Omega-3 fatty acids are the most important fats to consume and the one that most people don’t get nearly enough of.
Omega-3 fatty acids improve cognition, decrease inflammation, and enhance heart health. They are found in fish, flaxseed, chia seeds, hemp, walnuts, and avocados.
You should aim to consume at least one food rich in Omega-3 fatty acids per day.
If you are tracking your nutrition, about 15-30% of your daily calories should come from healthy fats. This recommendation can be met by consuming 1-3 servings of healthy fats at each meal. Examples of a serving of fat include: 1/4 of an avocado, about 12 nuts, a thumb sized serving of nut butter, ½ tbsp of oil, etc.
Who can benefit from a Performance Nutrition approach to eating?
Scenario 1: You are a college athlete and your alarm goes off at 6am. It’s still pitch-black outside but you throw on your clothes, grab your bag, and head out to training. The workout goes well and you did everything your coach told you to do. You then grab a quick breakfast and head to your 8am lecture. Classes run until the afternoon, right up to practice. You drill for a few hours and then grab dinner on your way to the library to study for a test later this week. It’s a late night, you get home and relax. Rest. Repeat.
Scenario 2: You’re up at 6am, you get yourself ready and take care of the kids: make breakfast, get them dressed, pack lunches, and get them to the bus stop or drop them off at school on your way to work. You work a full day, in and out of meetings, organizing events or projects, doing your best at what you do best. On your way home from work you manage to get in a workout session before grabbing the kids. You get them home for dinner and then head back out for whatever evening activities they have: dance, martial arts, practice, etc. You then get everyone settled into bed, and finally unwind yourself before setting the alarm and laying down.
I could continue writing scenarios for different individuals for hours, because the truth is, everyone is fueling to perform.
It does not matter if you are an athlete, student, teacher, firefighter, project manager, data analyst, small business owner, or CEO. You are asking your body to perform at its best every day, so that you can provide your best in all that you do.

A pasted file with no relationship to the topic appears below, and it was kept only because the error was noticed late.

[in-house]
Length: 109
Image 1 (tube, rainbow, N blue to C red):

How you fuel, what you choose to consume in order to make it happen, that is Performance Nutrition.
Every time you eat, you have the opportunity to provide your mind and body with the fuel that it needs to thrive. The correct balance of energy – carbohydrates, protein, and fats – can keep your body running like a high-performance vehicle.
Why should I see a Performance Dietitian when there is SO MUCH information about nutrition already out there?
It is true, we live in an age of free information, and that is both a blessing and a curse.
With all the information out there these days, it can be overwhelming to figure out what is right for you.
I, like many others, have fallen victim to this and spent months, years even, hopping from training routine to training routine or diet plan to diet plan, spending most of my time spinning my wheels and making little to no forward progress.
This approach leaves many of us feeling frustrated, defeated, and potentially, right back where we started or worse.
We are constantly searching for the BEST piece of technology: BEST car, BEST product, or BEST diet plan.
Advertisers are not unaware of this.
It seems like every article consists of a “best of” list. Others claim to have discovered the fountain of youth when it comes to nutrition and training. But you’ve been around the block and you know that the world is not so black and white as these claims make it out to be. Maybe the scale of worst-to-best isn’t the right approach?
Maybe we need to stop asking, “What is the best diet plan?” and start asking, “What is the best diet plan for ME?”
When to see Google vs a professional:
In reality, you would likely never say to yourself, “My car has been stuttering and stalling randomly for months, but maybe this article online will tell me what’s wrong with it.” You would take it into the mechanic the first time something scary happened and get it fixed before it became a life-threatening issue.
Yet, we take this approach of troubleshooting all the time with our health.
You hear coworkers, family members, friends, and sometimes overhear strangers venting about how lousy they feel, how their guts are in constant distress, they aren’t performing their best because they crash in the afternoon, or how much weight they need to lose.
There shouldn’t be anything holding you back from taking control of your health!
Working with a Registered Dietitian can help you treat that feeling of lethargy, that constantly upset stomach, and help you perform your best and maintain a healthy body composition.
One of my favorite quotes is, “Let’s build wellness, rather than treat disease.”
In other words, let’s shift from a reactive approach to a proactive approach with our health.
Once we have a cold, we know what to take for the symptoms and what to do to get better, but how much nicer would it feel to prevent the cold from happening in the first place?
Thank you for taking the time out of your busy schedule to read my post. I hope you enjoyed it and if you would like to ask specific questions about your about Performance Nutrition, please reach out to me at Eddie.firstname.lastname@example.org!